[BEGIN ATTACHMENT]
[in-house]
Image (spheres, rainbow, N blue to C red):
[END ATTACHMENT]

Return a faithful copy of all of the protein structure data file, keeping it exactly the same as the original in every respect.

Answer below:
[in-house]
Image (spheres, rainbow, N blue to C red):